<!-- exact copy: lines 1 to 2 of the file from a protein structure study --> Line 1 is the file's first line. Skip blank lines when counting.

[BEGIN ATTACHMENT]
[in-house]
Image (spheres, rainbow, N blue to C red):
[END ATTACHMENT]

[in-house]
Image (spheres, rainbow, N blue to C red):